Of course, once a technological society is developed, industrialization seems like a small step. Industrial societies have strong advantages over other societies. As mentioned earlier, some societies decided not to adopt agriculture. However, many more societies did adopt agriculture to maintain an edge against ones that had already adopted it. Advantageous technological changes that develop in small areas rapidly spread if they significantly change the power balance between societies. On the other hand, the change was not so great that nomadic societies had to completely vanish. On the other hand, industrial societies are so strong that no society could hope to stay non-industrial and compete with industrial societies. Thus, while the modern technological revolution and industrialization were not inevitable, it seems difficult to conceive of societies remaining free of technology and industry once it spread to enough of the world. Such societies would be completely non-competitive. However, it might be the case that the natural staticity of technological growth will kick in again and the  rate of change will slow down again this century. Already, it seems that humanity is reaching the limits of technological growth; rapid change may have to wait another major spurt, which may be centuries away.

Additionally, once the scientific method becomes part of a culture, it seems likely that if one person doesn’t discover something, another person will. This is because of the nature of the scientific method, which if applied by different people to the same phenomenon, ought  to yield the same answer independently. In a pre-technological society, there is no guarantee that if someone didn’t invent concrete, someone else would have. But in a technological society, if Newton didn’t discover gravity, then probably someone else in the same culture would have, assuming that both people had access to the same intellectual methods and basic literature to begin with. The inevitability of discoveries increases one this method is applied, though as noted before, it is slowing down lately since science explored most fields that seem intuitive and is now entering more counter-intuitive fields or hard-to-study fields such as Quantum Physics.

However, the scientific method does not guarantee that the knowledge gained through it will be put to use in an inevitable technological manner. For example, knowledge of electricity was necessary for creating a light bulb. But instead of a light bulb, that knowledge could have been used to produce a different sort of lighting device, in which case, the light bulb may have never been invented in the form we have it today.Information can be transmitted in various ways, and if inventors decided to convey this information through, say, x-ray waves or gamma ray waves instead of radio waves, then perhaps the radio would not have been invented or would have taken a different form. So the creation of particular inventions is still not inevitable, though the propensity of a technological society to create a lot of gadgets means that a large variety of inventions will be created, thus meaning that a large percentage of possibilities will be actualized.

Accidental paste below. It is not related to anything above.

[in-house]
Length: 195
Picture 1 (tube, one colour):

To conclude, technological progress is not inevitable and probably emerged as a coincidence. The prerequisites for it required a rare convergence of various factors. Yet the development of a certain mode of thought regarding technology in one civilization makes future progress much more likely. Scientific progress is especially likely since the scientific method allows for the clear determination of scientific facts, facts which can be shared all over the world now and hardly refuted (as an aside, there are theories that postulate the unreliability of facts because of the belief that the individual’s mind inevitably impacts the exceptions of the experiment). Technological progress, however, is still, to an extent determined by the decisions individuals as well as societies and governments make, though modern trends make it hard to insulate cultures from technology, especially if the technology is extremely useful or desirable. Nonetheless, there is already talk of preemptively banning certain technologies such as human cloning and genetic enhancement. Social and philosophical attitudes are still relevant to the progress of technology. I am sure there are many aspects of this post that can be elaborated on in the future.

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Written by Akhipill

December 30, 2012 at 2:16 AM

Posted in Uncategorized

Tagged with , ,

10 Responses

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  8. […] is a controversial theory shared by scholars which suggests that technological progress is inevitable. Had Steve Jobs and Apple not created the iPhone, the theory suggests, then someone else would have […]

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  10. […] is a controversial theory shared by scholars which suggests that technological progress is inevitable. Had Steve Jobs and Apple not created the iPhone, the theory suggests, then someone else would have […]